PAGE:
But here's where expensive knives start to really make sense to me: edge retention and durability. I have no issue with stropping knives in the field or during use, but HAVING to do that less often is nice. Having your edge less likely to roll or chip is also nice. AUS8 rolls more often than it chips, and I've had plenty of 1095s chip on me. I like O1, but I have to strop it more often than my A2 (but less often that my AUS8). My O1 and even my A2 have a horrible tendency to rust overnight in TN if I use them and then don't coat them in oil. (This just happened with my A2 Barkie ... I used it yesterday, stropped it, and put it away. Took it out this morning and there was already rust sprouting, so I had to quickly clean that off and then oil it good. I had had a similar experience with O1 in the Smokies, but it rusted a lot more.) I have no experience with CPM 3V or super stainless steels, but I love the fact that my stainless Mora just... rides. Everywhere. With no maintenance or oiling.

I'm not capable to be able to really say my O1 sharpens easier or quicker or sharper than a Mora stainless, and I based on how I use them, I can't see much of a difference in practical sharpness. My Moras don't shave arm hair as easily as O1 (scandi) or A2 (convex) or 1095 (??), but I don't know if that has to do with my sharpening/stropping or blade geometry.

I know that I love pretty knives and that part of why I want to buy a Bark River over, say, a Mora is the looks. It is like buying a Camaro or a Civic - they both drive me to work just fine, but one costs a lot more and looks a lot better while doing it. A Camaro can do a lot more than a civic, but under most circumstances you get very little difference out of the two. For practical purposes, it is also very similar to selecting hunting rifles - do you need a 0.5MOA $3000 rifle, or will that 2MOA Marlin 336 do just fine when you're hunting white tails in the woods? Maybe driving civics and using bark rivers is the happy medium... Or maybe I should drive a Camaro and use Moras... But like Strow said, it is easy to turn wants into needs, so maybe the best situation is to drive a civic, use a mora, and get out there mora often.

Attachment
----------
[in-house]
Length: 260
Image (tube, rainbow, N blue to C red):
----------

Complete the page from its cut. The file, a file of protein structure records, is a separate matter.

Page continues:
- J
 
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4/5/2017 3:03 PM
 

I've made a pretty good effort to ensure just about every fixed blade knife I own gets rotated in for "real field time" under rough conditions.  All of these have proven themselves pretty much for me, but over time I've leaned on some more than others: